Saturday, January 17, 2015

Fair Play: Proud products of Cebu football

(This is my Fair Play column for Sun.Star Cebu's Jan. 17 edition)
TWO of the kids I used to cover in the age group football in Cebu are making the Cebu football community proud by doing well in Manila’s collegiate scene.

Though both play different positions and come from two local rival schools, they’ve had similar struggles with injuries before making it big in the Manila scene.



Miguel Caindec, formerly of Don Bosco, has taken his prodigous scoring abilities to the San Beda Red Lions and after an initial setback with a major ACL operation in 2011, he’s been a regular figure in the starting lineup of the Lions who are on course to win their fourth straight NCAA title.

Among their latest victims was College of St. Benilde and Miguel, whose last game I covered was a loss in the Palarong Pambansa back in 2007, when they played five games in the final three days. Miguel scored the second in their 3-0 win against a team which had his former Don Bosco teammate, Val Calvo, who incidentally, has been sidelined by an injury the past few months.

CSB also has Cebuanos Dean Ebarle, Jake Vicen and Carmelo Genco in the lineup.

Miguel’s proud mom Marites, a regular fixture during his Palaro days, said her son might stay for a fifth year and take a second course in San Beda to maximize his playing years.

Aside from that, Miguel’s exemplary play hasn’t gone unnoticed by the United Football League clubs and some have sent feelers, but so far, all of them have been turned down.

Another Cebuano who’s doing well is central defender Nico Villacin, who is now Coach Hans Smit’s steady presence in De La Salle University’s back line.

Like Miguel, Nico had to deal with an injury on his rookie year but since then, he has improved steadily that one website even named him one of the best central defenders in the league.

Here’s what the Tiebreaker Times say of Nico, “Out of the many center backs in the league, Villacin stood out in 2014. If not for him, La Salle may arguably no longer sport an unbeaten record...”

His dad Stanley, whose life as a goalkeeper may have been easier had he benefited from a defender like his son, is proud not because of what his son has achieved but because he knows what it took for him to be at this level.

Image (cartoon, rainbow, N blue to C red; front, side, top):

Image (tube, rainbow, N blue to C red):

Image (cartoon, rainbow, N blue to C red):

“It’s his dedication and commitment that I admire because he has to wake up at 4 a.m. every day to practice until 9:30...attend school at 10:30 until six...his knees are now OK, but he carried that injury for more than a year.”

Stanley said he has always told his son that when it comes to studies and football, studies come first and so far, the sophomore BS Entrepreneurship student is doing well despite dealing with all the responsibilities a student athlete have and having a full load.

And I hope for this year, Miguel will lead San Beda to another title, and Nico’s steady play in defense will help DLSU unseat FEU because their continued success will open more doors to Cebuano footballers.

For a time, active recruitment of Cebuano footballers by Manila schools was nonexistent. Though there were a few visits by Manila coaches in previous years, if the two keep playing the way they play, Manila coaches will make a beeline for Cebu to out-recruit each other for the best graduating high school footballers.

Some coaches may see that as piracy, but for me, it’s not. The graduating class should get as many opportunities to choose from as they can and guys like Miguel, Nico and the rest of the Cebuanos who are also playing in the Manila collegiate leagues are showing that a stint in the Big Capital is a viable option.

That’s why Cebu football is proud of them.


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